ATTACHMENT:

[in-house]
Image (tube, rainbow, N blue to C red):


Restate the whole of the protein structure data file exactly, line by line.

[in-house]
Image (tube, rainbow, N blue to C red):